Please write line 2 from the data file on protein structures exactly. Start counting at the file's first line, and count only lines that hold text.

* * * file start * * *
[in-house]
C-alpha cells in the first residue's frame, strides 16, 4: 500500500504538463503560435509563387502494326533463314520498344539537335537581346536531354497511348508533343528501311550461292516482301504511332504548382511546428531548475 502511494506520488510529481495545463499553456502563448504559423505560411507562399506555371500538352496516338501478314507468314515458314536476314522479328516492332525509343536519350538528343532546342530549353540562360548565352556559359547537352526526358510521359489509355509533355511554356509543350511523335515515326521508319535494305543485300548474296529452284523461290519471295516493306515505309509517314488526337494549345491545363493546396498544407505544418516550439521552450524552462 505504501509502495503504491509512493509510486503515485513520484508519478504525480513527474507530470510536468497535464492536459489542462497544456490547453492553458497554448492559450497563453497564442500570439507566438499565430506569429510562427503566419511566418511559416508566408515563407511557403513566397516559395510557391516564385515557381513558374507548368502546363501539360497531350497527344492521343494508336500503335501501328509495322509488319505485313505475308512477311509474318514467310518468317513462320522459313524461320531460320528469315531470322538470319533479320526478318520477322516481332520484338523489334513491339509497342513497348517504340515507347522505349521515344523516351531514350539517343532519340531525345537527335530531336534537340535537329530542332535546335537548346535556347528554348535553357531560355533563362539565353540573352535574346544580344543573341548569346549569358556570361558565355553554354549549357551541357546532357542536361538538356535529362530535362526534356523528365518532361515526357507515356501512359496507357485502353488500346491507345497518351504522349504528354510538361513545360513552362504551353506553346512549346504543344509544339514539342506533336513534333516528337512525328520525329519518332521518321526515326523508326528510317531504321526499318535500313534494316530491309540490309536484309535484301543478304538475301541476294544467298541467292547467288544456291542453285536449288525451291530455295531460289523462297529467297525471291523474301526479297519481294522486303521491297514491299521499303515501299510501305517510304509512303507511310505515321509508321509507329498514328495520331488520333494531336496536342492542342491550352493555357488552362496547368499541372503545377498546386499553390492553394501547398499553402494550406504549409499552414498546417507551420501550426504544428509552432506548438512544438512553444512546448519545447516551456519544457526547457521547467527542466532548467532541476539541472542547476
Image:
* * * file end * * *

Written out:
C-alpha cells in the first residue's frame, strides 16, 4: 500500500504538463503560435509563387502494326533463314520498344539537335537581346536531354497511348508533343528501311550461292516482301504511332504548382511546428531548475 502511494506520488510529481495545463499553456502563448504559423505560411507562399506555371500538352496516338501478314507468314515458314536476314522479328516492332525509343536519350538528343532546342530549353540562360548565352556559359547537352526526358510521359489509355509533355511554356509543350511523335515515326521508319535494305543485300548474296529452284523461290519471295516493306515505309509517314488526337494549345491545363493546396498544407505544418516550439521552450524552462 505504501509502495503504491509512493509510486503515485513520484508519478504525480513527474507530470510536468497535464492536459489542462497544456490547453492553458497554448492559450497563453497564442500570439507566438499565430506569429510562427503566419511566418511559416508566408515563407511557403513566397516559395510557391516564385515557381513558374507548368502546363501539360497531350497527344492521343494508336500503335501501328509495322509488319505485313505475308512477311509474318514467310518468317513462320522459313524461320531460320528469315531470322538470319533479320526478318520477322516481332520484338523489334513491339509497342513497348517504340515507347522505349521515344523516351531514350539517343532519340531525345537527335530531336534537340535537329530542332535546335537548346535556347528554348535553357531560355533563362539565353540573352535574346544580344543573341548569346549569358556570361558565355553554354549549357551541357546532357542536361538538356535529362530535362526534356523528365518532361515526357507515356501512359496507357485502353488500346491507345497518351504522349504528354510538361513545360513552362504551353506553346512549346504543344509544339514539342506533336513534333516528337512525328520525329519518332521518321526515326523508326528510317531504321526499318535500313534494316530491309540490309536484309535484301543478304538475301541476294544467298541467292547467288544456291542453285536449288525451291530455295531460289523462297529467297525471291523474301526479297519481294522486303521491297514491299521499303515501299510501305517510304509512303507511310505515321509508321509507329498514328495520331488520333494531336496536342492542342491550352493555357488552362496547368499541372503545377498546386499553390492553394501547398499553402494550406504549409499552414498546417507551420501550426504544428509552432506548438512544438512553444512546448519545447516551456519544457526547457521547467527542466532548467532541476539541472542547476